Childhood friends, Hoagie (Ed Helms), Jerry (Jeremy Renner), Bob (John Hamm), Chilli (Jake Johnson) and Sable (Hannibal Burress) have been playing the same game of tag for 30 years. During the month of May they get together to play, focusing their attempts on Jerry, who has never been tagged. When Hoagie discovers that Jerry is getting married and has not invited any of them he decides to get the gang together and crash the wedding as Jerry will be the perfect sitting duck.
That’s about the sum of the plot of this film. There’s a bit of a subplot about a reporter from the Wall Street Journal (Annabelle Wallis) being along for the ride as she’s doing a piece on Bob. The girl (Rashida Jones) that both Bob and Chilli were in love with as kids also resurfaces but it’s not very interesting.
Even though this film is based on a true story, it’s just not very compelling. It is sweet and all that the friends meet up regularly and still enjoy having fun together but the film decides to focus more on mad slapstick, super unrealistic tagging attempts than the emotional heart behind the friendship. There is also a distraction prank by Jerry’s intended wife (Leslie Bibb) that is in such poor taste that it put me off completely.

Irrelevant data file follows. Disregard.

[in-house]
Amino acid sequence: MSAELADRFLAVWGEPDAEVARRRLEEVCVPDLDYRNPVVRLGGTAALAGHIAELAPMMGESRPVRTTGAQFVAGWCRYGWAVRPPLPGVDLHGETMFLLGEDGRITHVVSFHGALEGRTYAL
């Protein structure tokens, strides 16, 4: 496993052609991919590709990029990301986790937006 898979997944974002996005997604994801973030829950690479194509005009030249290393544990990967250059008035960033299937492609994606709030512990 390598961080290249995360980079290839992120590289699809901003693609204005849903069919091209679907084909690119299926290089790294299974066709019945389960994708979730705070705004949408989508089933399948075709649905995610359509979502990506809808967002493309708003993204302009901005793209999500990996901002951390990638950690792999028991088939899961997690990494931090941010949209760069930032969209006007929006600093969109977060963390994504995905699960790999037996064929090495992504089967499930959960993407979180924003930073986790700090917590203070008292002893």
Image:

The most amusing character ends up being Hoagie’s wife, Anna (Isla Fisher) who is sometimes even more into the game than the actual players. In fairness though she is just reprising her Wedding Crashers role. Renner is a great actor but the role of Jerry doesn’t really suit him. He lacks comedic timing and in the end he’s a bit of a fish out of water.
It’s not all bad, there were some laugh out loud moments and Hannibal Burress has a few great lines as the rather scatty, Sable. I really loved seeing the real life players antics’ at the end, although it made me wish they’d just made a documentary about them.
I think this could have been a good film if the tone had been more about the friendship and less about cheap laughs. There’s a great underlying story and a good cast but the whole ends up being less than the sum of its parts. Very skippable.